Saturday, November 19, 2011


Via Charles Blow, Pew had very interesting insights into people's perceptions of their own country. I always felt, without data, that French people had no strong feeling about their frenchness, or that French were less "patriotic"(for lack of a better word) than other countries, say OECD countries. Thanks to Pew, here is a small snippet of data to back this up:
And this makes this graph even more startling:

So this being said, I wanted to have a patriotic moment and put on my French hat for something that has been slightly upsetting me in the past months. A lot of articles have mentioned the widening French/German spreads in bond yields, in parallel mentioning the actual Spanish and Italian yields. This means that in the same paragraph, you hear about a relative value and an absolute value. This has been used as evidence that France is next. There is no denying that the spread has increased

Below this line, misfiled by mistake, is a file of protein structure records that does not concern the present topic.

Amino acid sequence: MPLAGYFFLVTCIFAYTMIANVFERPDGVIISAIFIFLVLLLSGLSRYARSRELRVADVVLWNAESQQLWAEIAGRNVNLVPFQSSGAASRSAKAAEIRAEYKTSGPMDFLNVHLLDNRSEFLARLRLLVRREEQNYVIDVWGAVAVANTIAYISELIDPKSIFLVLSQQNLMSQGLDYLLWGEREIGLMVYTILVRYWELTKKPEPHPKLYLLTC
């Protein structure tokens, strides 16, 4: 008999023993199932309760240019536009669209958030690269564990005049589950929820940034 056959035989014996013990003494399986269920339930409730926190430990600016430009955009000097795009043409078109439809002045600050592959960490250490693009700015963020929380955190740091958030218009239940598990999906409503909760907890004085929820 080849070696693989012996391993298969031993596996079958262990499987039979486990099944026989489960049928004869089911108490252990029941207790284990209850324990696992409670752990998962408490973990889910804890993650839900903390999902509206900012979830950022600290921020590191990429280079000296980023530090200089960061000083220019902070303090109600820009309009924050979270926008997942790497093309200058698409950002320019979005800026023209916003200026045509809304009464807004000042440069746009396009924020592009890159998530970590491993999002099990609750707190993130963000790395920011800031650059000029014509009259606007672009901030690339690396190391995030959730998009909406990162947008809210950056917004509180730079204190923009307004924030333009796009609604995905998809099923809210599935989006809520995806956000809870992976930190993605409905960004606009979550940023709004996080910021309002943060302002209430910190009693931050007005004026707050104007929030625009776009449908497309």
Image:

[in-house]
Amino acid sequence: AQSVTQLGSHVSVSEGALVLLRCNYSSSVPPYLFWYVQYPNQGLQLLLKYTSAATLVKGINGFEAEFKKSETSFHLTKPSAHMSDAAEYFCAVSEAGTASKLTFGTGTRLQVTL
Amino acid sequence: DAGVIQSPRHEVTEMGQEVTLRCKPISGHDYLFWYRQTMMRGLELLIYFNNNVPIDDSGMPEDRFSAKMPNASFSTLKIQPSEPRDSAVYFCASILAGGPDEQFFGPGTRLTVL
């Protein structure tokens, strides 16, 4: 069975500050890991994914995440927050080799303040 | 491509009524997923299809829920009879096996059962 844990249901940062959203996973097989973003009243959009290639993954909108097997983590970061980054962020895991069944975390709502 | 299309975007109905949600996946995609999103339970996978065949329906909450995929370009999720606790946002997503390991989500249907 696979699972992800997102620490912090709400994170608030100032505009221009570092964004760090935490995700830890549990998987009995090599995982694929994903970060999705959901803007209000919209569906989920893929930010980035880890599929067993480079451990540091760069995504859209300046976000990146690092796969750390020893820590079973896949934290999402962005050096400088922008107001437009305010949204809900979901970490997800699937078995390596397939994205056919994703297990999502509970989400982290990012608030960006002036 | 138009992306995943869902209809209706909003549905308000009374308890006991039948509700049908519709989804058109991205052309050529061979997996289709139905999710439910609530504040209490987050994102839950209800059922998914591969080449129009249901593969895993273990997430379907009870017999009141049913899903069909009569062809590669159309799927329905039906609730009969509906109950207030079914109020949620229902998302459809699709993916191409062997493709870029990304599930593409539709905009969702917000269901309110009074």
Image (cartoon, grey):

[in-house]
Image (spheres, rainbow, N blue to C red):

10-Year French/German spread

Now, I haven't seen in any of those articles a way to distinguish whether the widening spread was due to a flight to safety to Germany or an aversion to France risk.  Via MarketBeat, here are the France v. German 10year -bond yield in the last 30 years:
Now, looking at the data, I would actually lean towards the position that France is considered riskier:

German Government Bonds 10 Year
French Government Bonds 10 Year

But I still think that there's an empirical test that has not, and that should, be done so that we can know the whole story.

On a related note, Floyd Norris gives us a nice chart today showing that Germany rebounded quite well from the bottom of the crisis
That's interesting, but here are the Real GDP growth rate quarter to quarter since 2005:
And the quarterly growth rate in German real GDP between 2008Q4 and 2009Q1 was -4% versus -1.5 for France. So yeah, Germany grew quicker afterwards.

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